By David Randall
NEW YORK (Reuters) - Signs that a deal to end the trade war between the United States and China might not come until after the November 2020 elections weighed on global equity markets Tuesday as investors sought out the perceived safety of bonds.
The comments by U.S. President Donald Trump that the trade war may last another year came a day after his administration announced new tariffs on steel from Brazil and Argentina and threatened duties of up to 100% on French goods from champagne to handbags because of a digital services tax that Washington says harms U.S. tech companies.
His latest comments appear to dash hopes that an agreement with China could be reached before another round of tariff hikes kicks in on Dec. 15.
“As we get closer to the December 15th deadline for new tariffs being imposed on China, risk markets will likely become increasingly nervous as each day passes if we get no news confirming either a date to sign a phase one deal or a delay in these tariffs being imposed," said Mohammed Kazmi, portfolio manager for UBP's Global & Absolute Fixed Income team.
MSCI's gauge of stocks across the globe <.MIWD00000PUS> shed 0.88%, following broad declines in Europe.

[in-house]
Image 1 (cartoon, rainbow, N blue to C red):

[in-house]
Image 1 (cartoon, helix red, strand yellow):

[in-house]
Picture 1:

On Wall Street, the Dow Jones Industrial Average <.DJI> fell 338.45 points, or 1.22%, to 27,444.59, the S&P 500 <.SPX> lost 36 points, or 1.16%, to 3,077.87 and the Nasdaq Composite <.IXIC> dropped 116.41 points, or 1.36%, to 8,451.58.
Europe appeared to be the next theatre of the global trade war.
"If history is any guide, the Europeans are likely to find U.S. crosshairs start to move increasingly their way, the closer to next year’s U.S. election we get," CMC Markets told clients.
France said Tuesday that it was prepared to push the European Union to respond in kind if the United States followed through on its threats to raise tariffs.
"In the case of new American sanctions, the European Union would be willing to retaliate," French Finance Minister Bruno Le Maire told Radio Classique.
Investors sought out bonds as a safe haven, pushing U.S. Treasuries yields off of two-week highs. Benchmark 10-year notes
German bond yields meanwhile, slipped off three-week highs
The safe-haven bid was in evidence on currency markets too, with the yen at a one-week high to the dollar
"This may have run its course, but there's no reason to chase the dollar's upside from here," Daiwa Securities' foreign exchange strategist Yukio Ishizuki said, noting that the weak manufacturing data had forced many to cut long dollar positions.
"Trade friction remains a lingering threat, which is not good for market sentiment."
(Reporting by David Randall; editing by Jonathan Oatis)